Abandonment is the Worst Affliction of Society

Catholic Communications, Sydney Archdiocese,
6 Mar 2015

It is the capacity of service to life and to the dignity of the sick person, also when elderly, which measures the true progress of medicine, and the whole of society.

Pope Francis told participants in the 21st Plenary Assembly of the Pontifical Academy of life this week that abandonment is the gravest sickness of the elderly.

Addressing the gathering which included the Archbishop of Sydney, Most Rev Anthony Fisher op in the Clementine Hall of the Apostolic Vatican Palace, Pope Francis said abandonment is also the greatest injustice the elderly can suffer.

"Palliative care expresses the typically human attitude of caring for each other, especially for those who suffer. It is the demonstration that the human person always remains precious, even when elderly or afflicted by illness, Pope Francis said.

Indeed, the person is in any circumstance valuable to himself and to others, and loved by God. Therefore, when life becomes very fragile and the end of earthly life comes close, we feel the responsibility to look after and accompany the person in the best way possible", said the Pope this morning, as he received in audience the members of the Pontifical Academy for Life, on the occasion of their general assembly on the theme "Assisting the elderly and palliative care".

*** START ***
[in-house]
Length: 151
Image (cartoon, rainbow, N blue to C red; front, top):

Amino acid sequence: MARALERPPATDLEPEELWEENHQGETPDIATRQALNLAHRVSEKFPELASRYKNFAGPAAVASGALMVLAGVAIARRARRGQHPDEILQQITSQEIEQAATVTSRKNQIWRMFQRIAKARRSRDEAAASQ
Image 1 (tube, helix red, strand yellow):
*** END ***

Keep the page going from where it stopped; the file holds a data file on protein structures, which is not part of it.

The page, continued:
Pope Francis - we must care and respect the elderly, not abandon them

The Pontifical Academy for Life is dedicating to promoting the Church's consistent life ethic and is responsible for the development and promotion of many of the Catholic teachings on medical ethics including procreation, IVF, gene therapy, euthanasia and abortion. The Academy has 70 members named by the Pope, who represent different branches of biomedical sciences and those which are closely linked with problems concerning the promotion and defense of life.

The Holy Father said  the Assembly of the Academy for Life has studied new sectors for the application of palliative care which until now have been of valuable assistance to cancer patients. However, it may now be applied to a wide range of illnesses, often linked to old age and characterised by chronic and progressive degeneration. "The elderly need, first and foremost, the care of their families - whose affection cannot be substituted even by the most efficient structures or by the most competent and charitable healthcare workers", he emphasised.

In emphasising the importance of palliative care Pope Francis concluded his address by encouraging healthcare professionals and medical students to specialise in this type of care, "which does not have less value on account of the fact that it is not 'lifesaving'. Palliative care involves something equally important: it accentuates the value of the person. Therefore, I urge all those who, in various ways, work in this sector to carry out their task in the spirit of service and recalling that all medical knowledge is truly science, in its most noble sense, only if it may assist the good of mankind, which can never be achieved by opposing life and dignity".

For a full report of the Pope's comments click here